From The Daily Jeffersonian:
The Senecaville State Fish Hatchery is one of six fish hatcheries operated by Ohio Department of Natural Resources, Division of Wildlife, that produce more than 40 million fish a year to stock many of Ohio’s waterways.
Originally built in 1938 and opened in 1941, by the US Fish and Wildlife Service the hatchery was transferred to ODNR in 1987.
“Basically our purpose is to raise fish to stock into any public waters,” said Senior Technician Casey Goodpaster, who has been at the facility for 20 years. “We don’t sell to any private sectors, it’s all public waters, state lakes, the reservoirs, the river system.”
The funding for the hatchery and raising the fish comes from the sale of state fishing licenses.
“I tell people if you buy a fishing license this is where your money is going,” Goodpaster said. “We take a very small percentage of tax money from gas taxes at the marinas, but the majority of our money and funding come from fishing licenses.”
According to Goodpaster, the staff at the hatchery work hand-in-hand with ODNR biologists who determine population estimates during the winter months. These estimates are used to format a plan for stocking the lakes and keeping the waters filled with fish for people to catch.
“There are a lot of factors that go into it such as fishing pressure (amount of people fishing). There are some lakes that get more fishing pressure than other lakes, the desire of certain fish,” Goodpaster said.
There are certain areas of water that the hatchery concentrates on just due to the population, but they do work to stock all the state-operated waters.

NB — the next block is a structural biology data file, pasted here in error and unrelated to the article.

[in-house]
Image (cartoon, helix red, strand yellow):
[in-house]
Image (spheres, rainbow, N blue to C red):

“One of our things is trying to reach the next generation, trying to get the kids, because if they don’t want to be fishing, they don’t want to buy fishing licenses and then we would be out of business,” Goodpaster said. “So trying to reach out the next generation is a big issue with us and also educating the public.
Saugeye is a fish the hatchery stocks annually at Seneca Lake.
“People don’t understand that without us some of the fishing opportunities here wouldn’t exist here in the state,” Goodpaster said.
Senecaville State Fish Hatchery works with the five other hatcheries throughout the state, and each stocks different species.
Senecaville raises four different species in 37-one acre, man-dug ponds on 120 acres of land that are feed water directly from Seneca Lake. These species include saugeye, walleye, hybrid striped base and channel catfish.
The hatchery last underwent renovations in 1995 to the production building and pond upgrades. However the State Controlling Board recently approved $1.6 million for improvements to hatchery. This will include improvements to the waterline/supply system, delivery water filtration, installation of bypass and controls at the lift station for water leaving the hatchery, installation of a back up generator for emergency and stand by power and multiple other needed improvements.
“The money that we are getting for the capital improvements is coming from the last license increase,” Goodpaster said. “That was why we had to put the license increase in and they allocated and put back the money for the hatchery for improvements.”
Goodpaster noted that the hatchery is long overdue for upgrades, as there are four ponds that cannot currently hold water.
The hatchery, located at 57199 Seneca Dam Road, is open to the public for self-guided tours from 8 a.m. to 3 p.m. weekdays.
“The best time to come see what we do here is right around the Fourth of July because we start collecting eggs in the middle of June and catfish eggs hatch in about five days,” Goodpaster said. “So if you come about that time you see eggs we just collected, eggs ready to hatch and hatched fish so you kind of get to see the full spectrum from start to finish.”